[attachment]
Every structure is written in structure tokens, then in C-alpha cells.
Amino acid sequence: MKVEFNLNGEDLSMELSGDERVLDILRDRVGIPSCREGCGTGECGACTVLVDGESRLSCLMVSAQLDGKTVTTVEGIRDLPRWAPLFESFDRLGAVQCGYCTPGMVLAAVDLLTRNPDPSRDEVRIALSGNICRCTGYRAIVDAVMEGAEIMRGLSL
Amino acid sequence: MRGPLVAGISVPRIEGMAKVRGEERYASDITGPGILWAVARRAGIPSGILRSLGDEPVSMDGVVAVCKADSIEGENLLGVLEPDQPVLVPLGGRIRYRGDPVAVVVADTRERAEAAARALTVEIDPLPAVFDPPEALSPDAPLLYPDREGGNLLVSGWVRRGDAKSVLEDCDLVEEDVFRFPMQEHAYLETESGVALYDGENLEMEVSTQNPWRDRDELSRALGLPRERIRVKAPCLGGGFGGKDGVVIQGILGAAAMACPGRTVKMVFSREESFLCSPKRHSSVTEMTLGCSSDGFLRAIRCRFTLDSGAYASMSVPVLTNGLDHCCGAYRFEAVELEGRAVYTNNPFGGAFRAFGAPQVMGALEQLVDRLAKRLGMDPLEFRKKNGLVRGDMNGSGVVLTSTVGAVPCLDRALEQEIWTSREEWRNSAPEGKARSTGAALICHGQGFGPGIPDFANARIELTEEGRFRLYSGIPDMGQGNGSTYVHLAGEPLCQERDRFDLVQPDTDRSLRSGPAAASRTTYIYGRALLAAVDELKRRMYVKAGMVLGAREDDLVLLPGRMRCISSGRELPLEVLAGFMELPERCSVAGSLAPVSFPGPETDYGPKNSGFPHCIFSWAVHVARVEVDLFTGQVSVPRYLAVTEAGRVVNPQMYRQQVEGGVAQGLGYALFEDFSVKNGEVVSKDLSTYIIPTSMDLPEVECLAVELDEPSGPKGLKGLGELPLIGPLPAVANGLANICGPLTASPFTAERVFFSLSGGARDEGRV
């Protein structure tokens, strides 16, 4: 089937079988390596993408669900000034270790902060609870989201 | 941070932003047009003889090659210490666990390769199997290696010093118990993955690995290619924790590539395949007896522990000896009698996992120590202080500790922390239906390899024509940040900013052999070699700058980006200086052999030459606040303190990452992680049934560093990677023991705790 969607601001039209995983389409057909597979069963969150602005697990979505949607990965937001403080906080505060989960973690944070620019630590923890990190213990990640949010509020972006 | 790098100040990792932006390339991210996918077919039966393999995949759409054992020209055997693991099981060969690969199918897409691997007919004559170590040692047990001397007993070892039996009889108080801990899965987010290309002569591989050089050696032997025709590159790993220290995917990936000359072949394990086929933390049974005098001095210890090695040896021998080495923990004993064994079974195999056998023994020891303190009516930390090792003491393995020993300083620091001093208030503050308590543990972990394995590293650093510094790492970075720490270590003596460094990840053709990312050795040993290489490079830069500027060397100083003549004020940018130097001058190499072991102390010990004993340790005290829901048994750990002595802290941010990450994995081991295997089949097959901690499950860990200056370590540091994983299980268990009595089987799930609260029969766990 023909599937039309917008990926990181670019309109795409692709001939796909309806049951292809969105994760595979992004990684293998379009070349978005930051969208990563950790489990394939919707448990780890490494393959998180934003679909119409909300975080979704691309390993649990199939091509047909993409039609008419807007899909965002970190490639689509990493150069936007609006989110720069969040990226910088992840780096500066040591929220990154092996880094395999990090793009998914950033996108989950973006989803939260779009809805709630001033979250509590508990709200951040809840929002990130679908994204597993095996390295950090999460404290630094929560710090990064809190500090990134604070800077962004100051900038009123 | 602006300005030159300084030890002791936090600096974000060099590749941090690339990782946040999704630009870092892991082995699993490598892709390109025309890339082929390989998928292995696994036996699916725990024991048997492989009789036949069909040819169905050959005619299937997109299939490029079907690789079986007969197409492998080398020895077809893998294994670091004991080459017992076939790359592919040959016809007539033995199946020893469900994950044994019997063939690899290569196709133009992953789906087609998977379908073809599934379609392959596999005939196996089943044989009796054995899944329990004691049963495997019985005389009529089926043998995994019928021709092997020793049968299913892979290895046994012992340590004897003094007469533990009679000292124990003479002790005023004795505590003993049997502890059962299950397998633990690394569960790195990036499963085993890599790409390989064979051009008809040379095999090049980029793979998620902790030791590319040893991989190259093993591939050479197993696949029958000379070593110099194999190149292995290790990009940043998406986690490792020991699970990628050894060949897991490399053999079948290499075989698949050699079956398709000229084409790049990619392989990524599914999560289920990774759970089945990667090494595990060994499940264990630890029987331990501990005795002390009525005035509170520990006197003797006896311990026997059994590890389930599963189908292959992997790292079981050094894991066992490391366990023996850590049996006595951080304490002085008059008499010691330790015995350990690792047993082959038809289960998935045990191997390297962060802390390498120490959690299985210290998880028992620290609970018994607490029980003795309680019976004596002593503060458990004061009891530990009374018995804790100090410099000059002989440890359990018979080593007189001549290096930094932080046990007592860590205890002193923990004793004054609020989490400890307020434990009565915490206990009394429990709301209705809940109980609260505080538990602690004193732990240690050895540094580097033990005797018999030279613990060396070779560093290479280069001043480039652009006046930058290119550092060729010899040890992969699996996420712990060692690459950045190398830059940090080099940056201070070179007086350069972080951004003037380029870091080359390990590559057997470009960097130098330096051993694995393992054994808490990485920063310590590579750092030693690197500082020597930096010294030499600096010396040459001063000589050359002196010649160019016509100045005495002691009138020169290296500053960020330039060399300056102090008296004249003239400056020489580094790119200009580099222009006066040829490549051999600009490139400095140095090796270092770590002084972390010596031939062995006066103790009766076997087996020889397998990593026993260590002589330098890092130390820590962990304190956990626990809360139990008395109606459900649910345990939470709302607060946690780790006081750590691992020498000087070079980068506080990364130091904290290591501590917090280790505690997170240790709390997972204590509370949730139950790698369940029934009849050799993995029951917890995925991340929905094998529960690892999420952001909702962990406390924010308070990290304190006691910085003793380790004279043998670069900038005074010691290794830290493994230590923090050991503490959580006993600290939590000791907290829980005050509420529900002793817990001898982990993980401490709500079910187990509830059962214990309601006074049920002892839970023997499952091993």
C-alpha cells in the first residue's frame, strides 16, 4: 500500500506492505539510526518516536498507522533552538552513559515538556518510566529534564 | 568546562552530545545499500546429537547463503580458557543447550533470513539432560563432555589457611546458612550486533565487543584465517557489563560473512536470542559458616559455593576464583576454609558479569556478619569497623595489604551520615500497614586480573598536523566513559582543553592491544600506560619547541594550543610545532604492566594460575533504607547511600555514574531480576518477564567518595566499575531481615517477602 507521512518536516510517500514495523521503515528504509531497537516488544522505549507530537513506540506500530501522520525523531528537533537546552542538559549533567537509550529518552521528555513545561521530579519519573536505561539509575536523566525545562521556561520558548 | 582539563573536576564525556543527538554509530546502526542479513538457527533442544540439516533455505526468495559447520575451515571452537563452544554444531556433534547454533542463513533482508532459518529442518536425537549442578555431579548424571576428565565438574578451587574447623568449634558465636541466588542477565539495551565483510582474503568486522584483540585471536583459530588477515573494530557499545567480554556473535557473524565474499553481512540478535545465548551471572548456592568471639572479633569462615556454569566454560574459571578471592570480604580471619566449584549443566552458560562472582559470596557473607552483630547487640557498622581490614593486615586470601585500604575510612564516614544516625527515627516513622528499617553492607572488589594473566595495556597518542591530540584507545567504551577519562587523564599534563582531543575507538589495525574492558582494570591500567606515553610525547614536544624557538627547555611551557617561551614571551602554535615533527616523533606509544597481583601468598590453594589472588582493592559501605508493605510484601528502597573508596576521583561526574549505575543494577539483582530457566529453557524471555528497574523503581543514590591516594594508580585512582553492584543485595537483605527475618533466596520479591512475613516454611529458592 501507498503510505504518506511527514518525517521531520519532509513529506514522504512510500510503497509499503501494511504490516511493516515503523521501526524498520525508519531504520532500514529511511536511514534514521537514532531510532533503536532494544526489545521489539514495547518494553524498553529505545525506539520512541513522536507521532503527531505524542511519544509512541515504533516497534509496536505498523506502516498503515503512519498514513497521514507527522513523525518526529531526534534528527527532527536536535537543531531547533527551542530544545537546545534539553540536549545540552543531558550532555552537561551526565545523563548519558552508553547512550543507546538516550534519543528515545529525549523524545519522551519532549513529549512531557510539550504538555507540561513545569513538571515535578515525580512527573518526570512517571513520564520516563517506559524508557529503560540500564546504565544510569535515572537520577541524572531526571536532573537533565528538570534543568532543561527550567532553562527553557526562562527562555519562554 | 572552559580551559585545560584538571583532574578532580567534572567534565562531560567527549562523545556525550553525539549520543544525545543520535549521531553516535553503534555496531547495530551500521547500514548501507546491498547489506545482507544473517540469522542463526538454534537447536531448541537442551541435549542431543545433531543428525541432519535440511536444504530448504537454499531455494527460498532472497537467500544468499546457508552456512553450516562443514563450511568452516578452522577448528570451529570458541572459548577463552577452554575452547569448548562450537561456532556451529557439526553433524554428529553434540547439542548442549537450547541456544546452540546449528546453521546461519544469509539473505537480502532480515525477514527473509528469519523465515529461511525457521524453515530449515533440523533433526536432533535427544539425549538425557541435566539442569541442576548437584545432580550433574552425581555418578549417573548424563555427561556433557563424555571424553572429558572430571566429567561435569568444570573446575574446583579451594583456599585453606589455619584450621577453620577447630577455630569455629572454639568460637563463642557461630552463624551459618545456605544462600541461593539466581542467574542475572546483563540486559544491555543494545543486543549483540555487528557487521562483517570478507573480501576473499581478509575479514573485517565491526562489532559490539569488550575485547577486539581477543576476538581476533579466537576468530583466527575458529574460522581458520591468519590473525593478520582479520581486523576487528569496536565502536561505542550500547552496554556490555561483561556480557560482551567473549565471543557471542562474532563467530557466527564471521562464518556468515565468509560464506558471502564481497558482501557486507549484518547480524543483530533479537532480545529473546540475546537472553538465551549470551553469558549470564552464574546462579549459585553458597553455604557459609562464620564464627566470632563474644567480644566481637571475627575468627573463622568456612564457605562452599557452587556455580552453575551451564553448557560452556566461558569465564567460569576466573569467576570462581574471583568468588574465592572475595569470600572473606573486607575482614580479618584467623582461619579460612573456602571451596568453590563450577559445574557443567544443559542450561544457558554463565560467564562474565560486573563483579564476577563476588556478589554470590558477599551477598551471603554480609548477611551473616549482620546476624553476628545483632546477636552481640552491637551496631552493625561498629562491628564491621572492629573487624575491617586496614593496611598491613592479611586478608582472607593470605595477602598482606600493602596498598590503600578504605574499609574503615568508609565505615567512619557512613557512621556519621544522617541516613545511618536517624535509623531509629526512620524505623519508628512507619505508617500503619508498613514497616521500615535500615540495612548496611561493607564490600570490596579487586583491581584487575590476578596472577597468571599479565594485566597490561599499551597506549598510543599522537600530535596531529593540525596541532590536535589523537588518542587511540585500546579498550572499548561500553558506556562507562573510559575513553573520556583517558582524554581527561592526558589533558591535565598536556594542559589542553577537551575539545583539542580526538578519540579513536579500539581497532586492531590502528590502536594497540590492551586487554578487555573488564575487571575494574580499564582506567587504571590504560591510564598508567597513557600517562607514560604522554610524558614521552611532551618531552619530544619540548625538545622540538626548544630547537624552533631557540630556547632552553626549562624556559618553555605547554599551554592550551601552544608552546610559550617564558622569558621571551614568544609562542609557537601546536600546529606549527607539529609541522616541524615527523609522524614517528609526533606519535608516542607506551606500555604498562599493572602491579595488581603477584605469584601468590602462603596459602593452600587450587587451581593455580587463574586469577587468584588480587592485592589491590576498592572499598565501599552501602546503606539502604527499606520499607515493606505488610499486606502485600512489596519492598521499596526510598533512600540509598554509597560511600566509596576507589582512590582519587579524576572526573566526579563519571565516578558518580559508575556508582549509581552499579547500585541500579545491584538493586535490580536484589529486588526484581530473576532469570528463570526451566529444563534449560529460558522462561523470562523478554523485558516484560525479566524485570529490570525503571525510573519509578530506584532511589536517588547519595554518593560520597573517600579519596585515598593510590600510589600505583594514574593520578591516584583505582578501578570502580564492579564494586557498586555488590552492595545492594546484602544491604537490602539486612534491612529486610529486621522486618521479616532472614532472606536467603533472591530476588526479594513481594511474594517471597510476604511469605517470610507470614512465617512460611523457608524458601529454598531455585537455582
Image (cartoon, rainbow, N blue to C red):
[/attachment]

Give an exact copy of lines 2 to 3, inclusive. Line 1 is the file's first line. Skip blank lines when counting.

Amino acid sequence: MKVEFNLNGEDLSMELSGDERVLDILRDRVGIPSCREGCGTGECGACTVLVDGESRLSCLMVSAQLDGKTVTTVEGIRDLPRWAPLFESFDRLGAVQCGYCTPGMVLAAVDLLTRNPDPSRDEVRIALSGNICRCTGYRAIVDAVMEGAEIMRGLSL
Amino acid sequence: MRGPLVAGISVPRIEGMAKVRGEERYASDITGPGILWAVARRAGIPSGILRSLGDEPVSMDGVVAVCKADSIEGENLLGVLEPDQPVLVPLGGRIRYRGDPVAVVVADTRERAEAAARALTVEIDPLPAVFDPPEALSPDAPLLYPDREGGNLLVSGWVRRGDAKSVLEDCDLVEEDVFRFPMQEHAYLETESGVALYDGENLEMEVSTQNPWRDRDELSRALGLPRERIRVKAPCLGGGFGGKDGVVIQGILGAAAMACPGRTVKMVFSREESFLCSPKRHSSVTEMTLGCSSDGFLRAIRCRFTLDSGAYASMSVPVLTNGLDHCCGAYRFEAVELEGRAVYTNNPFGGAFRAFGAPQVMGALEQLVDRLAKRLGMDPLEFRKKNGLVRGDMNGSGVVLTSTVGAVPCLDRALEQEIWTSREEWRNSAPEGKARSTGAALICHGQGFGPGIPDFANARIELTEEGRFRLYSGIPDMGQGNGSTYVHLAGEPLCQERDRFDLVQPDTDRSLRSGPAAASRTTYIYGRALLAAVDELKRRMYVKAGMVLGAREDDLVLLPGRMRCISSGRELPLEVLAGFMELPERCSVAGSLAPVSFPGPETDYGPKNSGFPHCIFSWAVHVARVEVDLFTGQVSVPRYLAVTEAGRVVNPQMYRQQVEGGVAQGLGYALFEDFSVKNGEVVSKDLSTYIIPTSMDLPEVECLAVELDEPSGPKGLKGLGELPLIGPLPAVANGLANICGPLTASPFTAERVFFSLSGGARDEGRV